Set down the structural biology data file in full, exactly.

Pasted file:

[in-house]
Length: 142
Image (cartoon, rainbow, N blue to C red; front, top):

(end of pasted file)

[in-house]
Length: 142
Image (cartoon, rainbow, N blue to C red; front, top):